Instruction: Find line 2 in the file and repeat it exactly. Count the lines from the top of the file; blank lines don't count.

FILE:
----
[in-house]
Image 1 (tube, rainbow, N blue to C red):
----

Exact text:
Image 1 (tube, rainbow, N blue to C red):